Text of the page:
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Sunday, May 2, 2010

Why software sucks - Picasa is another example

I have been a user of Picasa grudgingly since it was first released. While it has many good features and is free, its user interface leaves a lot to be desire imposing a strict rule of operation on their users to the point of being annoying.

The feature that has antagonized many users is the feature that it must scan, in a very intrusive manner, your hard drives for image files to add to the library without user's consent or desire.

There is no shortage of people seeking assistance on how to turn off this annoying feature on the Internet. Perhaps it is a reflection of Google's culture of insatiable thirst to stick their nose into others private information without consent, in this case image files. This undesirable feature still exists despite many protests on the Net in its latest version, version 3.6. It is getting worse now including face recognition.

I have since uninstalled Picasa opting for PhotoScape, another free photo editing software that definitely does not intrude into my hard drive without my instruction.

Many recommendations to fix this undesirable features are superficial and ineffective. Let me show you why. All of them focus in the File Manager and recommend users to mark all drives/folders 'Remove from Picasa' like this:

Notice the folder circle in red as I am about to pick up a JPG file from that folder from Windows Explorer and drop it onto Picasa causing it to flip into edit mode of the file, a very nature and common operation. While the file is being opened in the editor, Picasa nosily scans that folder and its sub-folders recursively looking for images without my consent. A visit to the File Manager confirms such action has taken place as shown below:

Returning to library shows the presence of the images that are picked up in the background despite my instruction that that folder is removed from Picasa. This shows that the recommended remedy does not work. It further shows that Picasa' logic is faulty. The first picture indicates the user wants Picasa to have nothing to do with that folder and yet it can't help itself to nose around that folder and its sub-folders.

Picasa please mind your own business. To Picasa's developers: while you might think that feature is cool and you love that feature. Remember this saying "Your User is Not you".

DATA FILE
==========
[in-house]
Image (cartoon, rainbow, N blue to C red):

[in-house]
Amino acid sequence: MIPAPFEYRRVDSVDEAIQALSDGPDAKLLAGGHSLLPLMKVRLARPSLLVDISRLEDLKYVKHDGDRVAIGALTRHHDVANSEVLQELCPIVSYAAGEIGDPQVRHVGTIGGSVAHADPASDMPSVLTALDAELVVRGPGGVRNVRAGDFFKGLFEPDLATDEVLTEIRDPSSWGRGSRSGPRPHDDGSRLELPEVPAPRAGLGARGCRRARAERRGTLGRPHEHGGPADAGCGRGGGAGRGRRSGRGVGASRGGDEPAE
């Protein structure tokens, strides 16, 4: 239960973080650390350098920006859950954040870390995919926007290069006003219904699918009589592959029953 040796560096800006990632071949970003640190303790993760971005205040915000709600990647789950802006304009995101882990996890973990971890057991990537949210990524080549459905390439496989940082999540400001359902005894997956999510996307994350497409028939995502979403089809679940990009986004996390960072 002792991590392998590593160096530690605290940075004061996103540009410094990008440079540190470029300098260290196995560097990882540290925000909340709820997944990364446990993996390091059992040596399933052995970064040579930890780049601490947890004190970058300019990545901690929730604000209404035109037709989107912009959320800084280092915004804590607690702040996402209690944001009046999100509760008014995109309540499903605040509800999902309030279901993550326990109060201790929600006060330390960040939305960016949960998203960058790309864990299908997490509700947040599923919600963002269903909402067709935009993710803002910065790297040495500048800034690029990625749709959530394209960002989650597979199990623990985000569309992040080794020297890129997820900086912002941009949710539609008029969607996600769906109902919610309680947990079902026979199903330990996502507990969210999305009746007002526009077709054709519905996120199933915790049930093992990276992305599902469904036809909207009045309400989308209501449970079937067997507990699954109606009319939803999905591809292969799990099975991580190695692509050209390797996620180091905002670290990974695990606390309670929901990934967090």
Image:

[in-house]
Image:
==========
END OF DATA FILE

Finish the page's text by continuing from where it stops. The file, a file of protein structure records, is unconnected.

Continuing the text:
Turning this ultra intrusive feature off is very simple - just add a check box in your options dialog box to say "Turn on auto scanning of images". If the user selects it (opt-in) Picasa can scan to your heart's content but if the user opt-out of that action, you should honor it.

To show Picasa is not interested in offering you such option, have a look at the dialog box when Picasa is first started up:

Picasa should take a leaf out of the book of Firefox, which politely asks the user if they want Firefox to import favorites from Internet Explorer; no such option is offered to the user. Automatic actions like these belong to the users and not the developers; Firefox and just about all the anti-virus software know that except Picasa.

With Tera Bytes hard drive not uncommon these days, your feature has been demonstrated time and time again to be a total time wastage and not a scalable feature.

Furthermore my experiment above shows the stupidity of such a logic - it is like someone calling a Square Root of 3.5 in a maths library and the program scan through the maths library calling sine, cos, tan, log, etc. every maths functions it can find. Or like opening a document in your editor and it scans and opens all others documents!

This feature really makes Picasa sucks and is definitely a prime candidate for this book.

3 comments:

Anonymous said...

I totally agree. Picassa is just another piece of shit software from the browser giant. Total Junk!

Irek Janek said...

Software does suck (most of the software anyway). The software designers try to accommodate everybody and by the time they are done the app is a monster. An average user probably uses 10 to 20 percent of the features (not all of them the same 10%-20%) and the rest if just useless for them. But because of all the features the user interface becomes a maze that it takes time to learn and understand. Picasa is not worse than any office app. For organizing my photos for example I use picManger (http://www.customdworks.com/picManager.aspx) it is an example of how simple an app can be.

Nick Werle said...

yes it does suck, these idiots never consult with real users

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